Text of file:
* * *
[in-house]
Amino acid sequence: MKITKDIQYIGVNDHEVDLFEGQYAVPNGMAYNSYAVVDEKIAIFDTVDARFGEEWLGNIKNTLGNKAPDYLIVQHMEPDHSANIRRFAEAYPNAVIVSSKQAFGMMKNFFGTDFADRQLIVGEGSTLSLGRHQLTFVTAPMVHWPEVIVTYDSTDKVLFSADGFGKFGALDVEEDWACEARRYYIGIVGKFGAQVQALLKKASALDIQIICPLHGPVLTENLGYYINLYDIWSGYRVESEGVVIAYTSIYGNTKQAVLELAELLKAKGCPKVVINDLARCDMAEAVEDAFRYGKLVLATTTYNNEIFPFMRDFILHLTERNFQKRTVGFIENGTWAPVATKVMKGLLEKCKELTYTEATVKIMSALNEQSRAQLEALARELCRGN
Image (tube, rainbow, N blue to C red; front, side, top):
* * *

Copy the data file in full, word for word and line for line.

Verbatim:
[in-house]
Amino acid sequence: MKITKDIQYIGVNDHEVDLFEGQYAVPNGMAYNSYAVVDEKIAIFDTVDARFGEEWLGNIKNTLGNKAPDYLIVQHMEPDHSANIRRFAEAYPNAVIVSSKQAFGMMKNFFGTDFADRQLIVGEGSTLSLGRHQLTFVTAPMVHWPEVIVTYDSTDKVLFSADGFGKFGALDVEEDWACEARRYYIGIVGKFGAQVQALLKKASALDIQIICPLHGPVLTENLGYYINLYDIWSGYRVESEGVVIAYTSIYGNTKQAVLELAELLKAKGCPKVVINDLARCDMAEAVEDAFRYGKLVLATTTYNNEIFPFMRDFILHLTERNFQKRTVGFIENGTWAPVATKVMKGLLEKCKELTYTEATVKIMSALNEQSRAQLEALARELCRGN
Image (tube, rainbow, N blue to C red; front, side, top):